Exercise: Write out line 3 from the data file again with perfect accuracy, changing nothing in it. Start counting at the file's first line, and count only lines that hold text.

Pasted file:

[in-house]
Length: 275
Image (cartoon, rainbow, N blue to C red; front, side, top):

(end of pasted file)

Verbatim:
Image (cartoon, rainbow, N blue to C red; front, side, top):